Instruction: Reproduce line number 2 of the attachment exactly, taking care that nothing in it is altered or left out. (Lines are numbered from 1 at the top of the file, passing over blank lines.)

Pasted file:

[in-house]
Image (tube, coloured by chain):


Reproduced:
Image (tube, coloured by chain):